Sunday, January 24, 2016

"Release to the Captives" (Luke 4:14-21)

Jesus goes into the synagogue, opens the scroll, and reads from Isaiah. Specifically Isaiah 61. “The Spirit of the Lord is upon me, because he has anointed me to bring good news to the poor. He has sent me to proclaim release to the captives and recovery of sight to the blind, to let the oppressed go free, to proclaim the year of the Lord’s favor.”
And then he says “Today this scripture has been fulfilled in your hearing.”
Today. This scripture has been fulfilled.
More than one person has said to me that the New Testament is about grace and love, while the Old Testament is about punishment and vengeance, and that the New Testament overturns the Old Testament.
But look and listen to what Jesus does in the synagogue. He reads from the prophet Isaiah, then says, “Today, this scripture has been fulfilled. Jesus not only affirms what was said in Isaiah; he says: “What you read about in Isaiah, that is what I’m here to do.”
In Luke’s gospel story, this is how Jesus introduced himself to the world. We know from our reading last week that in John’s gospel story, Jesus introduced himself to the world by… changing water into wine. But in Luke, Jesus reads from Isaiah, and adopts what Isaiah said as his own personal mission statement. In Luke’s gospel, that’s how he introduces himself and what he stands for.
The Spirit of the Lord is upon me. He has anointed me to bring good news to the poor.
He has sent me to proclaim release to the captives.
He has sent me to proclaim recovery of sight to the blind.
He has sent me to set the oppressed free.

Now if you were a first century person hearing Jesus read these words in the synagogue, you would recognize them. If you were in the synagogue listening to Jesus, you would know, even if he didn’t say so, that he was reading from Isaiah. And you would know that Isaiah wrote during a very troublesome time.
The people in Israel had been in exile: captured, and made to live in a foreign land. In exile, their one great longing was to return home.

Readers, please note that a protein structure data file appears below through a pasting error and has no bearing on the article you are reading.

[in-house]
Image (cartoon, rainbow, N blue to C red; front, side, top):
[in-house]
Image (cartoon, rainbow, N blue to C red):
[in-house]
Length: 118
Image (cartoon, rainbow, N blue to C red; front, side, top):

By the time we get to this part of Isaiah – chapter 61 – they had already returned home. The events that are described in Isaiah’s earlier chapters are now long since passed. In fact, this part of Isaiah wasn’t even written by Isaiah. It was written years later by someone else.
If you’ve seen the movie The Princess Bride, think of the Dread Pirate Roberts, a pirate of near-mythical reputation, feared across the seven seas for his ruthlessness and swordfighting… Except that he’s not really the Dread Pirate Roberts.
As he says, he inherited the title. And the man he inherited it from was not the real Dread Pirate Roberts, either.
As he says: “The Dread Pirate Roberts had grown so rich, he wanted to retire. He took me to his cabin and he told me his secret. 'I am not the Dread Pirate Roberts' he said. 'My name is Ryan; I inherited the ship from the previous Dread Pirate Roberts, just as you will inherit it from me. The man I inherited it from is not the real Dread Pirate Roberts either. His name was Cummerbund. The real Roberts has been retired 15 years and living like a king in Patagonia.'”
There are at least two – and probably three – Isaiahs writing in the book of Isaiah. Only the first 39 chapters belong to the real Isaiah. By chapter 61, we’re probably reading the writings of the third Isaiah.
And by the time of the third Isaiah, the exile is over, and the people of Israel are back home.
You might think that, now, back home, all their hopes and dreams would come true. But their return wasn’t all they had hoped or imagined.
Their return didn’t quite live up to their expectations.
They were home, but they weren’t really in charge.
They were home, but most of their land was now owned by someone else.
They were home, but they were oppressed by the powers in charge and by the people who now owned the land on which they lived.
Many of them lived in poverty. And they were still very much captive – captive, now, in their own land.
And as third Isaiah makes clear: poverty and captivity are unacceptable to God. Poverty and captivity are not a part of God’s vision for the world.
It is in this context that Isaiah says: “the Spirit has sent me to proclaim good news to the oppressed, freedom to the captives, release to the prisoners; to proclaim the year of the Lord’s favor [the year when all this will be made right], so that all those who mourn will be comforted.”
The people who heard Jesus read Isaiah’s words would have recognized that Jesus was comparing their current situation to the situation of people in Isaiah’s time. Because in Jesus’s time, the people still lived in an oppressed state.
The Romans were in charge.
Their rule was corrupt.
The way the Romans ruled penalized the poor and benefited only a few elites.
The people were kept in poverty, and most were not able to own land.
They were taxed heavily, but benefitted little from the wealth that went to the government.
Rebellions came and went, each one crushed violently by the Roman army…
This was not what God had in mind when God created the world.
So God sent Jesus to the world, to save the world from the mess it was in, to save the people, to bring good news to the poor, release to the captives, sight to the blind, and freedom to the oppressed… to proclaim the year of the Lord’s favor, the time when all things will be made right.